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 » Home » Scene » Arts and Leisure Sunday, March 27, 2005
Ironworks
'Forging Ahead'
Contemporary iron and steel work moves far beyond the humble horseshoe

 
If you go

'Forging Ahead: Contemporary American Blacksmiths'

When: Friday through June 18. Reception: 5-7:30 p.m. April 14.

Where: Kentucky Museum of Art and Craft, 715 W. Main St., Louisville.

Hours: 10 a.m.-5 p.m. Monday-Friday; 11 a.m.-5 p.m. Saturday.

Related events: Copper repoussé workshops with Craig Kaviar at 10:30 a.m. to 4:30 p.m. April 16 and May 14 at the museum. The cost is $50 each. Repoussé refers to techniques for hammering metal into a relief. For reservations or more information, call (502) 589-0102.
By Diane Heilenman
dheilenman@courier-journal.com
The Courier-Journal

ABANA, BABA, BAM.

If you guess that's a new hip-hop lyric or a Lewis Carroll poem, guess again.

It's the sound of a new generation of arty smiths putting a sharp edge on the ironworker's anvil. The point is hammered home with "Forging Ahead: Contemporary American Blacksmiths," an exhibit that opens Friday at the Kentucky Museum of Art and Craft during the 5 to 9 p.m. First Friday gallery hop in downtown Louisville.

Fifty contemporary iron artists, ironworkers, sculptors or artist blacksmiths (no one has quite settled on a catchy name for these practitioners yet) have been invited to present works that range from monumental gates and the padlocks to secure them to a gracefully twining music stand.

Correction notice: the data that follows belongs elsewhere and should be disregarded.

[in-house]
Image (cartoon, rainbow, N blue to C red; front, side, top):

Many of the artists represented are affiliated with relatively new organizations such as ABANA, the Artists Blacksmith's Association of North America, which was founded in 1973 and was the inspiration in 1974 for BABA, the British Artist Blacksmiths Association. BAM is the Blacksmiths Association of Missouri, which, like many such organizations, incorporates makers of horseshoes and wrought iron as well as studio iron artists.

A "Whisper Bench" for the garden that will be part of "Forging Ahead" carries a twisting sound tube-cum-armrest that permits bench sitters to converse quietly. It's a creation of noted Greensboro, N.C., artist blacksmith Jim Gallucci, who also did a monumental "Sound Gate" on the same principle for a public park in Raleigh.

The new generation of artist anvil-bangers can bring jewel like qualities to their metalwork. The ancient art of layering and patterning metals, loosely called damascening, appears in a ferociously futuristic "Arabesque Blade" by April Franklin of Farmington, Ga. Louisville's own Craig Kaviar is represented by his elegantly linear "Wheat Table."

Other Kentucky artists selected by museum curator Brion Clinkingbeard are Lewis Meyer and Danny Downs of  Louisville and  Erika Strecker and Tony Higdon, both of Lexington. They recently collaborated on a 40-foot-tall public sculpture for the front of the new Kentucky Transportation Cabinet building in downtown Frankfort.

"Forging Ahead," which includes essay panels on the history of blacksmithing and artist blacksmithing, may be one of the largest exhibitions ever of contemporary iron and steel work, according to the Art and Craft Museum. It is also a traveling exhibition.


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